Making A Difference

Today was one of those fluctuating days, which I guess is pretty much a normal occurrence for most people.  It started off with heartbreak mixed with alarm, descended to upset, then took a real turn for the better.

Heading off out for an early appointment, my heart sank.  Directly across from my front door was the same make and colour of car as my ex’s.  Curiously, there was a change in my reaction.  I still love her, there’s no doubt about that, but when I saw the car, my first response was “Oh no”, followed by relief, when I saw the registration number was different.  Is that progress or not?  I really don’t know.

On my wander down the seafront to my meeting came the upset.  As a car drove slowly by, a pigeon flew leisurely groundwards, no doubt eyeing a crushed bit of takeaway food on there.  Something happened, though, that I’d never seen before.  The pigeon misjudged the speed of the lone car and was hit.  Nothing the driver could do about it.

It struck me, that moment, too, though clearly not as much as that poor bird.  I couldn’t help feeling a lump in my throat well up.  One moment, you’re there, doing your best to keep your head above water, getting on with life.  The next moment, gone for eternity.  The overhead gloom seemed very fitting, seemingly joining in with the Monday morning blues.

The tiny plus so far, though, is that it was my ideal walking weather, and my negative thoughts soon dissipated when I arrived for my appointment.  I was met warmly by Barbie, someone who helps hold Britain together.  A voluntary worker.

It’s a growing industry in Britain in these times of austerity.  Forget about the ill thought-out and transparent agenda of the Government’s “Big Society”, which essentially encouraged businesses to dispense with paid employees and take on coerced unemployed ‘volunteers’.  It was rightly and embarrassingly shoved to one side soon after its launch.

No, the out and out voluntary sector is something that’s forgotten about by and large yet plays such an essential part in everyday living.  From soup kitchens for the homeless to home care for the elderly in their kitchens, almost 20 million British people get on with making other people’s lives that bit better without fuss or reward.

Yes, that’s right.  20 million.  That’s the number of people who volunteered at least one day last year.  13 million work voluntarily in their spare time at least once a month, helping over 160,000 organisations survive and serve their communities. That’s an astonishing amount of goodwill that goes unnoticed in this country.

Depression Hands

It’s why I felt inspired as soon as I met Barbie.  Attractive, smart, down to earth, and clearly motivated to help who she can.  She works in the local Citizens Advice Bureau, an organisation I’ve had cause to use this year and before.

If you’re having a tough time paying bills, or getting a raw deal with your local council, or perhaps having trouble with welfare, tax, any consumer issue really, they are the people to go to.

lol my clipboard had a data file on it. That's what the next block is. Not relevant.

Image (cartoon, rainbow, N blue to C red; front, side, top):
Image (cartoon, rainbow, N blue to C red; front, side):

They talk to you confidentially, they advise, they give information, they even accompany you to court if need be.  If you’re having problems staying afloat on a practical basis, they are in your corner.

It’s something Barbie has been doing, quietly and happily, for some time, standing in everyone’s corner.  What really struck me was her focus on how she wants to meet the needs of anyone who walks through the door.  Before talking about what I might bring to the table, or anything about herself, her main thrust was on other people.  She wants, and does make a difference, without making a fuss.

I felt comfortable, relaxed, motivated in her company.  The thought of helping other people, of using my own abilities to make a difference somewhere, that brought a little joy to me.  There’s no doubt that helping someone also helps yourself because you feel that bit better in yourself.

By the meeting’s end, the obligatory form was given for me to fill in and return, the expected hours were discussed, the training outlined, and the start anticipated.  It was the best news I’d had all year.  Yet again, Barbie had helped someone, though I doubt she knows just by how much.  Someone in the depths of depression given a chance.  That’s what you call therapy.

I wandered off for my paid job search, happy that at long last I will again be part of the silent backbone of this country again.   Shortly the 20 / 13 million voluntary work figures will be boosted by one.  Undoubtedly one of the most pleased, too, and the change to me emotionally and confidence-wise was immediate.  Thanks to Barbie, my depression changed purely because I will be doing something I’ve been yearning to do my whole life.

Making a difference.

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